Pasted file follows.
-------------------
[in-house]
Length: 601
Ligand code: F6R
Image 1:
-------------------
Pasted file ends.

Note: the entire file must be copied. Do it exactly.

[in-house]
Length: 601
Ligand code: F6R
Image 1: